Imagining a Future When Mobile Devices Deal With All Kinds of Money Matters
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With the growing use of mobile phones, it's not hard to imagine a day when people will employ them for everything, including all their money tasks and even additional financial activities.
By 2015, the mobile worker population -- people who work using their smartphone devices -- will reach 1.3 billion, IDC has predicted. People probably won’t just be working on their phones. They’ll also be completing their daily errands (like managing their money) on the go.
Some personal-finance apps on mobile platforms are Level Money, Mint, Simple, Moven, GoBank, Check, BillGuard, Wise.ly, Numbrs (in Germany) and Tink (in Sweden). My own company, Moneytree, offers a product in Japan. At a time when mobile devices are becoming so closely linked to the way individuals engage with the world, eventually people’s relationship with money may become intricately tied to their phones.
Mobile use this year is projected to surpass desktop Internet use, so developers are responding to the market with elegant choices. In order to reach Gen Y and early-adopter customers, banks and financial institutions need to be strategically positioned with a mobile-first mentality because that’s how these people lead their lives.
The mobile trend is spreading across different demographics and the setting doesn’t matter. According to 2013 research by Ofcom in the United Kingdom, researchers found that 81 percent of smartphone users have their devices switched on all the time, even while they sleep. Fifty-one percent of adults used their phones when socializing with others and 23 percent during mealtimes. And 22 percent of adults even admitted to using their phones in the bathroom.
Employing apps for money tasks. The rising use of mobile devices will create a tectonic shift in banking and already some mobile apps like Square and Venmo, are changing the way people deal with money.
For banks and financial institutions scrambling to capture mind and market share, having a mobile-first mentality is critical. Apps can do more than extend existing channels. They can also leverage technologies unique to mobile. This change is so fundamental, that perhaps one day there won't be “mobile banking” anymore. It will just be called “banking.”
Sixty-one percent of Americans believe smartphones will eventually replace cards and cash, according to a 2012 Harris Poll of 2,383 adults. As more companies let users make payments by scanning their phones, carrying cash and credit cards will become less necessary for consumers. Starbucks has 5 million mobile transactions weekly on average and reported in January that 30 percent of its total payments came through the Starbucks card or app.
Square and Uber have proved that customers will use smartphone apps in place of physical cards, suggesting a possible future with "transactionless" transactions. And the feeling that a person has upon exiting an Uber car, without handing anything over, is amazing.
Money has always been about transactions, a shift from one person to the another, and companies like Square and Uber have developed technology to match those economics. Players in the personal-finance market, however, are learning that mobile devices can do more than merely serve as transaction tools. In the future designers of personal-finance management apps may even offer users real-time insights and intelligence to improve their lives with information on their financial status and habits.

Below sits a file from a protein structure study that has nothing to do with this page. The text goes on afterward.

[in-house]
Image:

Some banks, however, have been delinquent in developing compelling mobile apps for customers or do not have mobile-enabled websites.
Designing for mobile devices from the get-go. A minimalist design philosophy has pervaded lifestyle products and media, and now, more than ever, mobile technology. A well-designed mobile app -- including one for personal finance -- does the right thing not everything. Unlike when people access online budgeting software or a website, when users tap a mobile device they don’t want to be overwhelmed by data, information and processes. While on their phones, users only want to get what they need.
An app should follow the needs of the user, not the other way around. And what better device is there for learning about a consumer's needs than an object with an always-on interface that follows him or her around?
By starting with a mobile app in creating a product (as my firm and Instagram did), companies can optimize functionality and the user experience to deliver the exact information and functionality that consumers need in the palm of their hands.
A mobile-first mentality means being attuned to “progressive enhancement,” a powerful methodology that lets app developers concentrate on building the elements essential for a user. Designers start by loading the absolute bare essentials on smaller platforms. This leads to a snappier experience that avoids unnecessary lags. Then additional resources are loaded strictly on an as-needed basis to platforms that can handle them well.
Streamlining and optimization of data are what defines the beauty of a truly mobile experience. A minimalist approach to data aggregation and display and the aesthetics of the user interaction all can contribute to a consumer experience focused on the essentials that seamlessly integrates with people's lives, not burdening them with protocols and unnecessary processes.
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